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LATE HAVE I LOVED THEE

Father Francis's picture
Saint Augustine of Hippo

Before he became a great saint Augustine was a great sinner. His very frank account of his own life reveals a story of temptation and weakness, spiritual darkness and a long search for truth and faith.

Augustine was born in 354 in the town of Tagaste, now in Algeria. His father, Patricius, was a pagan but his mother, Monica, was a Christian. In 370 Patricius was converted to Christianity, and died the following year. Augustine left home, aged 17, to become a student at Carthage where he studied philosophy and rhetoric, grew to love classical literature and proved to be an excellent scholar. Unfortunately, he also developed habits of self-indulgence and debauchery, and was soon living a life of such immorality that his mother wept over him. Unfortunately, he also developed habits of self-indulgence and debauchery and was soon living a life of such immorality that his mother wept over him. He formed a relationship with a woman who bore him a son in the year 372. He never married her, but lived with her for nearly fifteen years.

In addition to his moral laxity, Augustine felt he had to explore some of the intellectual ideas which were currently popular. He became involved with the Manicheans, a sect whose religion was based on false teaching about creation and the incarnation of Jesus. He followed the Manicheans for about nine years, and led other to follow them, but he eventually became disillusioned with them. In 383 he travelled to Rome accompanied by his mistress and his young son, Adeodatus. The journey was made secretly, in case his mother tried to stop him, but she discovered his plans and followed him.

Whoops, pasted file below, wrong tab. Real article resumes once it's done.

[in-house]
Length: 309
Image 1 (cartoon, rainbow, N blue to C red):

Eventually he became restless and tormented as he searched for truth and struggled with moral temptation. He began to listen to the preaching of Bishop Ambrose of Milan and realised that his life needed to change but still he hesitated. 'Lord, make me chaste,' he prayed, 'But not yet!'

One day a visiting friend gave him the epistles of Saint Paul to read and they spoke to him so powerfully of Jesus' love and divine grace that he made up his mind to become a Christian and to serve the Church. To his mother's great joy, he was baptised by Bishop Ambrose at Easter 387, at the age of 33, along with his illegitimate son, brother and several friends.

Later that year Augustine decided to return to North Africa where he turned his old home into a religious community, sharing with his friends a life of teaching and prayer. In 391 he was ordained and four years later became Bishop of Hippo, treating his official residence as a monastery.

Augustine spent 35 years as a bishop and was an efficient administrator and a prolific writer. He fought against heresy, speaking with authority from his own early experiences. He exposed the errors of the Manicheans and the Pelagians and succeeded in reconciling the Donatists with the Church. As a writer, Augustine is remembered for two great works. In 'De Civitate Dei' (Of the City of God) he contrasts the Church centred on love of God, and world society which is built on a love of self. In his 'Confessions' he speaks with honesty and humility about his early life, admitting all his errors of thought and behaviour. The book was finished in 426 and Augustine died in 430 at the age of 76.

Concerning his conversion Augustine's very words were, "Late have I loved you, O beauty both ancient and new, late have I loved you." And with these words Saint Augustine is urging each one of us to realise that it is never too late to turn to the Lord and love Him. We may look back over our lives with a certain amount of guilt or regret; but how encouraging it is to know that any sinner can with God's help become a saint. May we love the Lord more and more each day.